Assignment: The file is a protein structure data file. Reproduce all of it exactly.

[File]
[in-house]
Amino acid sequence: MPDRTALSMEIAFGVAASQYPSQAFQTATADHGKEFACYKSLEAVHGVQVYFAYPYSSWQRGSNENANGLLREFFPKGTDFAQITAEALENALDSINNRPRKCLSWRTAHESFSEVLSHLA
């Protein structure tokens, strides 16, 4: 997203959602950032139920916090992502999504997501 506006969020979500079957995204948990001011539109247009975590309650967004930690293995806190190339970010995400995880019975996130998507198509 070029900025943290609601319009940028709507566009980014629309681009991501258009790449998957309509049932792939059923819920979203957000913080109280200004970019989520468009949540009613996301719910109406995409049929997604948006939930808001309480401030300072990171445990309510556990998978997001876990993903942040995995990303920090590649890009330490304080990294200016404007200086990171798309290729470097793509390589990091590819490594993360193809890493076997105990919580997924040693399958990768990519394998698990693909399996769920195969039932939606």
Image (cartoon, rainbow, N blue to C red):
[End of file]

[in-house]
Amino acid sequence: MPDRTALSMEIAFGVAASQYPSQAFQTATADHGKEFACYKSLEAVHGVQVYFAYPYSSWQRGSNENANGLLREFFPKGTDFAQITAEALENALDSINNRPRKCLSWRTAHESFSEVLSHLA
């Protein structure tokens, strides 16, 4: 997203959602950032139920916090992502999504997501 506006969020979500079957995204948990001011539109247009975590309650967004930690293995806190190339970010995400995880019975996130998507198509 070029900025943290609601319009940028709507566009980014629309681009991501258009790449998957309509049932792939059923819920979203957000913080109280200004970019989520468009949540009613996301719910109406995409049929997604948006939930808001309480401030300072990171445990309510556990998978997001876990993903942040995995990303920090590649890009330490304080990294200016404007200086990171798309290729470097793509390589990091590819490594993360193809890493076997105990919580997924040693399958990768990519394998698990693909399996769920195969039932939606």
Image (cartoon, rainbow, N blue to C red):